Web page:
What to do if you are a victim of a scam
A scam is a scheme designed to steal people’s money by several means of deception. The scam may take the shape of someone using a false name or a false qualification or even abusing of his true name or his true qualification in order to convince someone else to give him undue money.
Today, scammers are more numerous and more dangerous than ever because of their ability to use the classical services as well as the new technologies. Nowadays, you are likely to face scams by post, phone or emails.
According to the UK Office of Fair Trading, around three million UK customers lose a total of £ 3.5 billion to scams every year.
I) How to recognize a scam?
Broadly speaking, when an advertising or something promises you a great deal or a good for a very cheap price, in other words if it sounds too good to be true, it is likely to be a spam. If someone you have never heard of contacts you by post, phone or email for instance and makes you an offer that you have to accept or refuse immediately it might be a scam. Actually, scammers don’t want people to think too much and to find out. They will try to force a quick decision by saying things like “there is almost no more models in stock… it is now or never”.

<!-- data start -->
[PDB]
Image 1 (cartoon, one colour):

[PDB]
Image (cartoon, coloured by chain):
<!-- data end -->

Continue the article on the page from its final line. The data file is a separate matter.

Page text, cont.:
There are different types of scam, according to the shape they are likely to take and according to the deal they propose. Historically, the first scams took the shape of face to face discussions and post mail letters, whose victims were often elder people. Later, the phone has been fully used by scammers.
What is known as “telemarketing fraud” is a crime and these criminals use the phone to commit many types of scams: lottery fraud, loan fraud, credit card scam… You have to be careful because telephone scammers are very good at what they do. They will use every means to make you send them money, including implying that they work for a company that you trust.
Scammers often use emails to ask people to give them out their personal information such as banking details, credit cards numbers or various passwords. Phishing emails may look genuine: scammers will copy a firm’s logo and its typography in order to make you believe it is coming from an established legitimate business, for instance your bank or a well known company.